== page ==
Red Clover

Other Names:

Purple Clover, Wild Clover

What is Red Clover?

Red clover is a herb that, like chickpeas and beans, belongs to the legume family. It is used in herbal medicine to treat many ailments, including respiratory issues such as asthma, whooping cough and bronchitis, skin disorders like eczema and psoriasis, inflammatory conditions such as arthritis, and women’s health problems – menopause and menstrual symptoms, for example.

There are many nutrients in red clover, such as calcium, chromium, magnesium, niacin, phosphorus, potassium, thiamine and vitamin C. The herb is also a rich source of compounds that act as phytoestrogens – called isoflavones which are plant chemicals similar to oestrogen, making it a great dietary supplement for menopausal symptoms as well as high cholesterol and osetoporosis.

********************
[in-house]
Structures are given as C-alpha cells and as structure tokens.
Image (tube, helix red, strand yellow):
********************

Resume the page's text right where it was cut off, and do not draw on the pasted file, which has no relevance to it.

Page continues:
Health Benefits:


As red clover contains isoflavones that have a similar chemical make up to the female hormone, oestrogen – which naturally declines with menopause – it is believed to have some benefit for menopausal symptoms. These symptoms include bone density loss, hot flashes, night sweats or high cholesterol.

There have been a number of studies into the effectiveness of red clover on menopause. One study concluded that women who took red clover supplements lost significantly less bone density in comparison to women who took the placebo. Another found that the supplementation of red clover decreased menopausal symptoms and reduced triglyceride levels.

Respiratory Health

Red clover has been traditionally used in herbal medicine to treat respiratory problems for many years. It is said to work by thinning the mucus in the lungs and soothing an irritated respiratory tract, therefore helping to drain the mucus. The herb helps the release of phlegm from the lower airways, a process known as expectoration.

Typical Uses:

The appropriate dose of red clover depends on several factors such as the user’s age, health, and several other conditions. We suggest taking 1 capsule daily of ourΒ Red Clover Extract, or as directed by a healthcare practitioner.